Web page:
Cordi brought it back to the table and gave it to Jennifer. ‘Whew, I just saved Jennifer months of young me whining for this doll!’
Jennifer put the pony next to the wrapping paper. “Thanks! You must have nieces and nephews. Kids lose things so fast!”
“Was that one of her presents she received today?” Cordi asked Jennifer.
“Yes, her best friend got it for her. She loves that pony! I’m glad they were able to get one for her.”
Jennifer sighed deeply and smiled slightly. She seemed to be staring at each of her children as they played, then suddenly, Jennifer’s eyes teared up.
“Is everything ok with you? Maybe you need some water?” Cordi asked then smiled.
“Yes, I’m fine.” Jennifer wiped at her eyes with a napkin, “It’s silly, really. My husband just lost his job, and Cordi wanted this birthday party so badly. It’s all we could do to pull this off, so I’m just grateful that her friend bought her that pony because we couldn't afford it this time.”
Cordi took a second look at the party her mother had put together. The paper plates, cups and napkins were all mismatched. There were three simple balloons; one pink, one orange and one that said HAPPY BIRTHDAY on it. Cordi had always imagined that there were more. The cake had been homemade and was decorated simply and the ice cream was a 5-gallon bucket that had already been eaten out of. And then she saw the wrapping paper again. ‘Oh. That’s why she kept it.’ Cordi had no idea that her mom and dad ever struggled. She only had happy memories.
“Well, I think you’re doing a great job, Jennifer” Cordi patted Jennifer’s shoulder and then went in for a hug. Cordi whispered in her mom’s ear, “Your kids are lucky to have you.”
Jennifer returned the hug, dabbing at her eyes some more and said, “Sorry to have gotten so emotional on you. It’s really easy to talk to you … I’m sorry … what is your name anyway?”
Suddenly, Cordi’s brain began to tingle again. “Um, sorry, I’ve just remembered I’ve got to go … thank you for the water.” Cordi abruptly stood up and ran behind the closest tree she could find then closed her eyes tight. She squatted down and tried to stop the dizzy feeling that had overcome her. Her brain flashed and when Cordi opened her eyes she was back in her bedroom. Just like that.
Her phone vibrated. She grabbed it out of her back pocket. It was her mother.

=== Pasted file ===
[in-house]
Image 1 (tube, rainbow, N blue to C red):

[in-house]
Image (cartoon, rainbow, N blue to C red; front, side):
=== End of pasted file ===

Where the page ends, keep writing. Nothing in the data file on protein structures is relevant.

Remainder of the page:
“Hi Cordi! Happy Birthday!” Cordi’s mom yelled, “The big thirty, huh?”
“Hi Mom,” Cordi said, “I’m lucky to have been able to talk to you twice today already!”
“What are you talking about? I just woke up,” her mom replied.
“I know, Mom,” Cordi said, shaking her head, “I’m just being weird, I guess.” Cordi rolled her eyes. ‘Oops. Gonna have to get used to this.’
There was a brief pause, and then Cordi said, “Hey mom, do you remember my seventh birthday party in the park years ago?”
“That’s so funny that you mentioned that! I was just going through some things in the attic the other day and guess what I found? Your Princess Pony doll! I’ll bring it to you when I see you next.”
Cordi began to tear up, “I loved that pony!”
“I know you did,” her mom said, “You almost lost it that day at the park. It was a good thing that nice lady showed up.”
“Yeah, I remember you telling me about her,” Cordi grinned to herself knowingly, “who was she?”
“I don’t know. She was only there for a few minutes, but I remember she was a lovely young woman. She disappeared as fast as she appeared.”
There was another brief pause, and then it was Cordi’s mom whose voice caught, “Y’know, that mystery woman was an answer to my prayer that day. I was having a rough day. I wanted your birthday party to be perfect and we just didn’t have a lot of money…”
“Mom, it was a perfect party. It was one of my favorites!” Cordi said and then she continued, “I am lucky to have you, Mom.”
“How did you know that’s what the mystery woman said?”
“That’s what the mystery woman said to me that day in the park. She said that my kids were lucky to have me,” Cordi’s mom laughed to herself, “I can’t believe I remember that from all those years ago, but it was exactly what I needed. I guess we’ll never know who she was.”
“Yeah, I guess not,” Cordi said, smiling.